My story – the whole thing (It’s a trilogy) – is important and relevant. Why is it so important that I tell my story? I’ve been asking myself that question for a year. I didn’t understand until today.
I love writing. I just think it’s fun. It’s like talking on paper. Many of my “fans” – who are mainly my clients and, therefore, a rather captive audience because they need appointment reminders and confirmations – enjoy what I write because they can hear my voice as they read. I like that. I do actually write like I talk.
Which might be why texting is so fun for me.
And because I have a bit of an anxiety issue in large groups of people. With texting, I can adequately have a “conversation” without getting too close.
When I initially committed to this writing project, I asked a friend of mine to critique some of my more poetic writings. He writes for a technology blog – cellphones and other techie geeky stuff like that – but he’s technically a “professional writer,” so his opinion is somewhat relevant.
He read my piece titled “The Middle of the Bed” in which I describe a very powerful “AHA” moment I had several months post divorce, when I discovered a little slice of heaven in my very own bed – that slice being the MIDDLE of the bed. That piece of real estate is still my favorite!
Anyway, he wanted more information. My story was just a little journalistic poem and maybe not even a poem at all (short story? anecdote?) – but he wanted to know more about my experience.
I suppose that’s really good. I intrigued my audience of one.
He then went on to say that I was telling an intimate story without any intimacy – meaning I wasn’t letting him really inside or showing what I was feeling.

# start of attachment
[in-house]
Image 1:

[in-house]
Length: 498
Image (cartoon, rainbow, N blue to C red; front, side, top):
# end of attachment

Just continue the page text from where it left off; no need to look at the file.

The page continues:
I listened and appreciated his honesty. Holy sh!t ~ that is THE #1 issue with me and relationships.
I put the pen down, so to speak (I actually started my book by typing on my iPhone while I was on the treadmill at the gym – I figured if JK Rowling could write her story on a napkin at a coffee shop, I could do something that was more technologically in-tune with the audience of today).
I wasn’t discouraged from writing necessarily, but I was disappointed in myself. I knew I had to shift gears and find the intimacy. How could I tell an intimate love story – i.e. The Greatest Love Story Ever Told – without intimacy??
I really thought I was sharing something deep -and I only scratched the surface.
AHA moments for today:
- Discovering James Altucher.
- The story below
1. James Altucher – Thank you James for being YOU! I was recommended Choose Yourself! by a fellow blogger, and I read a bit of it and then passed it onto my followers. I then finished reading the book. He really spoke to me.
He also gave me a swift kick in the butt remotely – get the writing done. Just do it. How do I find the intimacy? I asked him, as if he had somehow transcended his physical form and became my personal Guru.
Be honest, he replied.
I can do that. Intimacy is difficult to write about – to describe what a memory feels like, tastes like, smells like, and sounds like, especially when there are other people to describe. I can see the images vividly in my mind, to the point of really feeling as if these memories are happening. When I get nervous or excited, I shake and get vicious butterflies in my stomach, like I’m about to give a public speech. When I have written and then read these moments of exhilaration, I relive it, right down to the uncontrollable shaking from my knees to my chattering teeth.
I can convey some of the feelings. The only expectation I have now is to be honest about the feelings I share and hope that the intimacy, which is important, will peek through.